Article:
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The decline in stock market values has been quite broad-based around the globe the past couple of weeks, accelerating in the past two days. Although it can be disconcerting at times, our message remains the same: focus on the long-term and on what you can control.

Is this Normal?
There have been over 1,000 trading days in the US stock market between its 2011 correction and the one we’re in the midst of presently. This is an extraordinary length of time for the markets to rise essentially uninterrupted. Historically, you would expect a 10-25% correction in the stock market every couple of years, and in any given year, you usually see at least a 10% decline. So what’s happening now is a very normal part of investing.
So what do you do now?

Turn off the News
Fixating on market declines by watching CNBC or Fox News is not helpful. They are in business to get eyeballs watching. It’s been a number of years since the last major decline, so they are probably going to make a big deal out of it.

Remember Why You Hired Us
You have already prepared in the best way possible; you have a plan. You have set goals, you have explored your risk tolerance with us, we have discussed your capacity to absorb market fluctuations, and finally, we put in place a portfolio to meet all those diverse objectives. No reason to worry needlessly.

No one knows what the market will do next. The one thing you can be fairly sure of is that the louder and more forcefully a market pundit voices his certainty about what is going to happen next, the more likely it is that he will turn out to be wrong. Stocks could drop another 10% from here, or another 25% or 50%; they could stay flat or they could go right back up again, either way we are here to help you through it.

Diversification is the best weapon against irreducible uncertainty. We preach wise diversification and patience all the time—and it works. Despite the specter of rising interest rates over the past several years, bonds have been steady performers, rising nicely throughout the stock market declines the past several weeks. This is a good thing.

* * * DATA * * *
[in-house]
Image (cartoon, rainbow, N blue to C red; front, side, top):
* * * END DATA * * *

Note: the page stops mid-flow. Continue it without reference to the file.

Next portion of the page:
A Final Thought:  “Don’t Sell Your House”
You wouldn’t sell your home to someone who randomly knocked on your door and offered you 10, 15, even 25 percent less than what its worth. Well, we won’t do that with stocks either. You weren’t planning on moving and your home is still providing a nice place to live. That’s why you bought it. We buy stocks because in the long term they provide dividends and capital appreciation to fund long term goals. We don’t buy to trade them based on short-term fluctuations.

When investing it is always important to remember: you don’t own the “stock market”; no one does. Through ETFs and mutual funds, you own shares of companies. What does that mean? You own shares of individual corporations that trade on various stock markets. Around the world there are thousands of healthy and prosperous companies still functioning, employing people, making goods and services that people want, need and desire. If you believe like we do that a large percentage of these companies—or even new ones—will be around in a few years, don’t fear a price decline. You still own the shares, no one took them away—in fact you haven’t lost anything.

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